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Loss making businesses still listed in A-class group

VietNamNet Bridge – No one knows exactly about the actual business performance of state owned enterprises (SOEs), and no one has sufficient information enough to give early warnings to businesses.

VietNamNet Bridge – No one knows exactly about the actual business performance of state owned enterprises (SOEs), and no one has sufficient information enough to give early warnings to businesses.





The lack of transparency harms the national economy


Pham Duc Trung, Deputy Head of the Enterprises Reform and Development Division under the Central Institute for Economic Management (CIEM), complained that his division has been assigned to collect and analyze information about SOEs, but relevant ministries cannot provide sufficient information. This means that the economists have to rely on the businesses’ reports submitted to the Ministry of Finance.

“Because of the lack of transparency, the State, as the owner of enterprises, finds it hard to control the efficiency of its investment activities,” Trung noted.

He went on to say that even the government also has not had a general report about the SOEs to make public and submit to the National Assembly. Therefore, there still has been no panorama about the operation and business efficiency of the State economic sector.

Regarding the financial assessment, Trung affirmed that no one knows exactly the financial efficiency and the value of SOEs in the national economy, because Vietnam has never valuated state owned enterprises in accordance with the market prices.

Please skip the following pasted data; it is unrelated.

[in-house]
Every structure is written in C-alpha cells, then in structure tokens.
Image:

The lack of transparency and the mismanagement both can explain why state owned conglomerates have swelled out with hundreds of newly set up subsidiaries in the fields of securities, real estate and finance investment. Meanwhile, this has not been informed to state management agencies.

Under the current regulations, only the SOEs which make profit, have the return on equity increasing year after year, which have no overdue debt, do not violate the laws, would be listed as A-class enterprises.

However, Vinashin, Vinalines, the two enterprises which are on the verge of bankruptcy, still had been ranked “A” until their problems were discovered. Debates still continue since 2009 about the real assets, the state’s capital, the debts and the losses incurred by the shipbuilder Vinashin.

Ministries supervise, but do not take responsibility

A question has been raised--that who and what agencies have to take responsibility for the wrongdoings at state owned conglomerates? But the question remains unanswered.

The Ministries of Transport, Finance, Planning and Investment all have denied their responsibility in the cases. Especially, a minister even argued that the economic group was assigned too many tasks.

Analysts have commented that the ministries, which act as the state management agencies, only undertake the job of supervisors, while they do not take responsibility for their supervision.

Some SOEs still pay high salaries to their workers, despite the unprofitable business result. Tong Thi Minh from the Ministry of Labor, War Invalids and Social Affairs, when asked about this, explained that enterprises submitted the wage plans which predicted the profit of trillions of dong. Therefore, she found the suggested salaries reasonable.

The loss was only discovered one year later, when tax agencies audited the businesses’ performance. However, it was too late to prevent enterprises from paying such high salaries, because the salaries were delivered already.

The Ministry of Planning and Investment complained that it does not have sufficient information to make general report, because 80 percent of businesses do not submit annual finance reports to the business registration agencies. Meanwhile, the question about the accuracy of the reports remains open.

As such, the lack of information has been regularly reasoned by relevant ministries to say that they stay “innocent” in the enterprises’ big problems.

Pham Huyen

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